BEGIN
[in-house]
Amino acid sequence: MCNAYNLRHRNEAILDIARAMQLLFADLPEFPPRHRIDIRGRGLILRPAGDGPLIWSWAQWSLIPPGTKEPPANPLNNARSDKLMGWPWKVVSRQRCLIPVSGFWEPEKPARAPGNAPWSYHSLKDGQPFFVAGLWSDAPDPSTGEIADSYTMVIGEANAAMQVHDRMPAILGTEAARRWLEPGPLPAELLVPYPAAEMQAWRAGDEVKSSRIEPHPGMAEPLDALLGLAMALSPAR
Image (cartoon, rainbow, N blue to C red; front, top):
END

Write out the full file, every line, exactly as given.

[in-house]
Amino acid sequence: MCNAYNLRHRNEAILDIARAMQLLFADLPEFPPRHRIDIRGRGLILRPAGDGPLIWSWAQWSLIPPGTKEPPANPLNNARSDKLMGWPWKVVSRQRCLIPVSGFWEPEKPARAPGNAPWSYHSLKDGQPFFVAGLWSDAPDPSTGEIADSYTMVIGEANAAMQVHDRMPAILGTEAARRWLEPGPLPAELLVPYPAAEMQAWRAGDEVKSSRIEPHPGMAEPLDALLGLAMALSPAR
Image (cartoon, rainbow, N blue to C red; front, top):